New arrangements are being established for consultation and cooperation between the federal government in Moscow and the leaders of Russia’s regions. On December 3, First Deputy Prime Minister Aleksei Bolshakov met with representatives of the seven interregional associations that group together almost all of Russia’s 89 federal subjects (Siberian Agreement, Great Volga, etc.). The agenda seems to have been overwhelmingly economic. (Itar-Tass, December 2-3) It was agreed to conduct three cycles of regular federal/regional consultations. Every quarter, Prime Minister Viktor Chernomyrdin will meet with representatives of the regional leaderships. Once a month, there will be a meeting of a working group co-chaired by Bolshakov and Konstantin Titov (who was reelected as governor of Samara on December 1). One of Chernomyrdin’s deputies will also meet monthly with the leaders of a specific region.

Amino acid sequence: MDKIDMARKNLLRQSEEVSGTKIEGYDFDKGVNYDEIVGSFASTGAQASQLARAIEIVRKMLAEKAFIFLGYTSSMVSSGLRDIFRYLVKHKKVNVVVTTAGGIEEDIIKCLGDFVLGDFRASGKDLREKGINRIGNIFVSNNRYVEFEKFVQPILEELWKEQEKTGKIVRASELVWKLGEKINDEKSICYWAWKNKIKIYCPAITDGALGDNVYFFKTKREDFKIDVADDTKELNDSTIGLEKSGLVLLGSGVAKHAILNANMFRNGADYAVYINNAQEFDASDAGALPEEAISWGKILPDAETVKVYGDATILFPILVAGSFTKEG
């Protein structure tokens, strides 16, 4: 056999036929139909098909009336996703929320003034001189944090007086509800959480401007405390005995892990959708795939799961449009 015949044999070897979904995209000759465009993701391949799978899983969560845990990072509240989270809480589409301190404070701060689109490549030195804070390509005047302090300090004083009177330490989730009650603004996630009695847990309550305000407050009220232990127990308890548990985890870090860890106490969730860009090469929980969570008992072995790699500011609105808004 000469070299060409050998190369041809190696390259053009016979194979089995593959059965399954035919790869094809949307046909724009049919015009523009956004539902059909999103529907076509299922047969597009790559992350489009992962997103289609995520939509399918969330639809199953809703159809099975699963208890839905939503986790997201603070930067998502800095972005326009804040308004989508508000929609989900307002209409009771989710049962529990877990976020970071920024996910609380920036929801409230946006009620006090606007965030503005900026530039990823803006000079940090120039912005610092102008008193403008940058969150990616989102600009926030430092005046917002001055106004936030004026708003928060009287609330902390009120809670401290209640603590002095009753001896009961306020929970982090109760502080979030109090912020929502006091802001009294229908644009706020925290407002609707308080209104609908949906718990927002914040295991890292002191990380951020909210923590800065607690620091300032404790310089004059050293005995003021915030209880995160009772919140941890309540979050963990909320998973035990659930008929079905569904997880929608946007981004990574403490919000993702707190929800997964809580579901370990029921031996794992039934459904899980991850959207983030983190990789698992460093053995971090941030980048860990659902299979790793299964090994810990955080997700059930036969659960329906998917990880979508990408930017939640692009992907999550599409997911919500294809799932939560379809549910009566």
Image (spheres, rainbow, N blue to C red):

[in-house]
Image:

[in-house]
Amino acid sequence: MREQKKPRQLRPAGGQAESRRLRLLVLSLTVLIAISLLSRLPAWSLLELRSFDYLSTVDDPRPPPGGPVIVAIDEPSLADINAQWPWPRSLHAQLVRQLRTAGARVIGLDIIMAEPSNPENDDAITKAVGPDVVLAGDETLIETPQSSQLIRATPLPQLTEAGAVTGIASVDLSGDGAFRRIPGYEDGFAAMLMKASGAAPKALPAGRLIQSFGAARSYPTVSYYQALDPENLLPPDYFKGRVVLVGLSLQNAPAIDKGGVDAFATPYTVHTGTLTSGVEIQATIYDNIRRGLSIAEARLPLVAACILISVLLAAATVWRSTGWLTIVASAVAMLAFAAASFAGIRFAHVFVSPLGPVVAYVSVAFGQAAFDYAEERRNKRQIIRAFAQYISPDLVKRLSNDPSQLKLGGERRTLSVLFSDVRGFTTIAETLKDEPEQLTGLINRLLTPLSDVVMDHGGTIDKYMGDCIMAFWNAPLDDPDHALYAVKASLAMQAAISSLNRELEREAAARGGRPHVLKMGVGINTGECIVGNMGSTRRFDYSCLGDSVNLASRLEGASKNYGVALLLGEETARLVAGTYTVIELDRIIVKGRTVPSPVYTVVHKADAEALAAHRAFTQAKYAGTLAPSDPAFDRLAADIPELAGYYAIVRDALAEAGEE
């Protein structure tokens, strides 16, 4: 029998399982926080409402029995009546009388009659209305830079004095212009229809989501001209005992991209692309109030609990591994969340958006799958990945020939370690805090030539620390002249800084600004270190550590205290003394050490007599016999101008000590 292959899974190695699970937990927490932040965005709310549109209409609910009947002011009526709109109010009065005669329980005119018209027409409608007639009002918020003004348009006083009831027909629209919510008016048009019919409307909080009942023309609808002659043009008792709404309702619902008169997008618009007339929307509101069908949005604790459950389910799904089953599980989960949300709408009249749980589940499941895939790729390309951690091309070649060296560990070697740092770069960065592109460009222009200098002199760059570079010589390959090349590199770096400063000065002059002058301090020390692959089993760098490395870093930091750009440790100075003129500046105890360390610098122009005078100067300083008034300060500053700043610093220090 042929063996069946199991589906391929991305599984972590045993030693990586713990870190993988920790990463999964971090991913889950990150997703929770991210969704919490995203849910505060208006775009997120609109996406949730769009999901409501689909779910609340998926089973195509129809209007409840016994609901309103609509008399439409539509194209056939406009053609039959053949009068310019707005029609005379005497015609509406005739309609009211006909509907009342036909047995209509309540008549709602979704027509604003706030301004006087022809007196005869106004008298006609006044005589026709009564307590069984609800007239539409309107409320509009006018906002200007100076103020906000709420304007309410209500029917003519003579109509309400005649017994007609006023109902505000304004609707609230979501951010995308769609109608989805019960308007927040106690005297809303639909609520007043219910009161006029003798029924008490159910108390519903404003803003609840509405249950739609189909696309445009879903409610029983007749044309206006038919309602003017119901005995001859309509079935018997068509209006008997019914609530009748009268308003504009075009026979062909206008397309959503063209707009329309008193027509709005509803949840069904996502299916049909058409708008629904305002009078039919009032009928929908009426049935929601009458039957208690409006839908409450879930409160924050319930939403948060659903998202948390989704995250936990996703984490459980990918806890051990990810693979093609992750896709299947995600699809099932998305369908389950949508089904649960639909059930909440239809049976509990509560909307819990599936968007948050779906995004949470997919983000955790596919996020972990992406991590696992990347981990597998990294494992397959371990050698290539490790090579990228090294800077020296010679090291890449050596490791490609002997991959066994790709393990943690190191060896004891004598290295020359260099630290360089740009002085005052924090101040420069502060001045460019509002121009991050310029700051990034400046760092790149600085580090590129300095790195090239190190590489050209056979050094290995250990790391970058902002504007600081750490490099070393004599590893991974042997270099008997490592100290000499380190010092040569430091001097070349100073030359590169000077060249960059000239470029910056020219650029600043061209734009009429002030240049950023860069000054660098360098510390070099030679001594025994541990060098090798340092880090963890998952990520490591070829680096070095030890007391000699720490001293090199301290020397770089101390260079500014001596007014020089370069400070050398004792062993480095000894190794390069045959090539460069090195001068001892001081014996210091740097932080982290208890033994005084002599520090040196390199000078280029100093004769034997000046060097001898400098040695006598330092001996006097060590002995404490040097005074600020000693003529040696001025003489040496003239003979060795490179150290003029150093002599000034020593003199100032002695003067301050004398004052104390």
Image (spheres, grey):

These new arrangement make sense politically but may be dangerous for economic policy. Politically, the regions are flexing their muscles as gubernatorial elections throughout the country confer popular legitimacy on regional bosses who previously were appointed by the president. Both the federal government and the regional leaders need to devise some framework within which to tackle common problems. The economic danger is that the regional leaders, by and large, want the federal government to provide more subsidies and import protection for Russian producers. These new pressures to relax financial discipline come at a time when the 1997 budget has still not been approved, and when calls for a more interventionist industrial policy are coming from all sides, even from the hitherto reform-minded economics minister, Yevgenii Yasin (see above).
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